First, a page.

Today’s civil fraud charges against Goldman were a surprise, but the devil is in the details, and the case against the firm doesn’t look particularly strong. Goldman claims to have actually lost $90M by investing in the ABACUS CDO (Bloomberg), and lead investor (and major loser) ACA actually had ultimate authority over the securities selected and knew of short-seller Paulson & Co’s involvement in the selection process (though not that they were shorting) as pointed out in an excellect article by Henry Blodget :

In reality, however, to make this case, ACA is going to have to make the embarrassing admission that knowing what Paulson & Co was going to do affected its judgment with respect to the transaction.  This information should NOT have affected ACA’s security selection process.  It should also not have affected ACA’s decision to go forward with the deal.  ACA is an independent firm staffed with experienced professionals paid millions of dollars to evaluate securities by themselves. What Paulson was or wasn’t planning to do, therefore, should have been irrelevant.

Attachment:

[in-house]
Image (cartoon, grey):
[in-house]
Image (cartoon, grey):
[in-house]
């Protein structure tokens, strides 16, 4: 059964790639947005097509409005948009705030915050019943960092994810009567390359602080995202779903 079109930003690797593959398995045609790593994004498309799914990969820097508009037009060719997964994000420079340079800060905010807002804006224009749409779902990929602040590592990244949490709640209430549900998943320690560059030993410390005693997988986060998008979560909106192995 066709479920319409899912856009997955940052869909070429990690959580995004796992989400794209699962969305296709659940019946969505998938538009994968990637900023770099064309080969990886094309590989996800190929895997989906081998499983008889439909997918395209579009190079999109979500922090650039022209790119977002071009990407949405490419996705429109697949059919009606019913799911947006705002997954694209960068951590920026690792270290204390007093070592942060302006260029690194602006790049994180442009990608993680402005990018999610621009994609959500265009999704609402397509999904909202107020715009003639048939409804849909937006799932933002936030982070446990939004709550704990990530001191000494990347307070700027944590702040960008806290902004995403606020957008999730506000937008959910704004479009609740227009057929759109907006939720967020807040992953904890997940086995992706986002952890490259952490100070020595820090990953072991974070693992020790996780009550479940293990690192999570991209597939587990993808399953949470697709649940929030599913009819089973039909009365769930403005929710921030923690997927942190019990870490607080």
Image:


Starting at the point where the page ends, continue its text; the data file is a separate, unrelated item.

We also know that Goldman knew in advance about the SEC’s plans, and that the man picked out for a public stoning, Fabrice Tourre, is a Frenchman who was only 27 or 28 at the time of the misdeeds in question. The CDO business was the cash cow of the bubble years and a prime focus from the executive suite on down. Was this kid really that important in the scheme of things?

Tourre admitted in emails that he didn’t even understand CDOs very well. It is just a joke that this is the best scapegoat that they could come up with. Did Goldman bring civil charges against itself on a weak and obscure point via minions (like Adam Storch) at SEC in order to create a safe outlet for the mounting public outrage? It certainly looks that way from here.

Wake me up when a Goldman employee or alumnus over 40 with a net worth over $100m goes to jail.

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